Geeks Out, the group behind the planned boycott of Ender's Game, the film adaptation of the 1985 best-selling novel by outspoken homophobe Orson Scott Card, says it appreciates Lionsgate Entertainment's public rejection of Card's and NOM's anti-gay worldview, but that the boycott is still on.
The simple fact is that Skip Ender’s Game has never been about the content of the novel or the film Ender’s Game. It’s about money. It’s about the money the company has already paid to Card and the potential millions he and the National Organization for Marriage stand to make off of the success of the film—our money.
A benefit premiere, indeed any outreach to the LGBT community by Lionsgate, ought to be much appreciated. What’s clear is that whether or not they support his views, Lionsgate is standing by their man and their would-be blockbuster. They made the common, perhaps cynical, calculation that audiences wouldn’t connect Ender’s Game with Card’s very public homophobia—or wouldn’t care. Geeks OUT appreciates that most American families work for every dollar and care deeply about where that money goes and what it supports.
Skip Ender's Game is not a threat; it is a reality. Our pledge adds hundreds of signatures every day from sci-fi fans around the world who would rather stay home than support homophobia. We have only just started and Geeks OUT and its allies are prepared to carry on past November 1. Nothing Card nor Lionsgate has said changes the fact that skipping Ender's Game is the easiest way to ensure none of your dollars go to Orson Scott Card's and the National Organization for Marriage's extreme anti-gay agenda.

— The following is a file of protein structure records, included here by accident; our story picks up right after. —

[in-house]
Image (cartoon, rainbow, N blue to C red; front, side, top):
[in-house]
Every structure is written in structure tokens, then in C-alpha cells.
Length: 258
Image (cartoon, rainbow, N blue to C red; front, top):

See the Skip Ender's Game pledge HERE.
There are those in the LGBT community who oppose the boycott, like Oscar-winning screenwriter Dustin Lance Black.
Still, not every advocate of gay equality and same-sex marriage is convinced that turning away from “Ender’s Game,” which cost about $110 million to make, is the best way to counter Mr. Card.
“No way am I boycotting,” said Dustin Lance Black, who in 2009 won an Oscar for writing “Milk,” about the gay activist Harvey Milk, and who campaigned against California’s Proposition 8, which sought to ban gay marriage.
Speaking from London on Wednesday, Mr. Black — who, like Mr. Card, comes from a Mormon family — said he would rather engage with, than shut out, political and cultural adversaries. “We haven’t been getting the numbers we’ve seen by disengaging,” Mr. Black said, referring to a rise in public acceptance of same-sex marriage and other measures of gay equality.
Summit executives declined to be interviewed about the boycott call or Mr. Card’s involvement in the movie.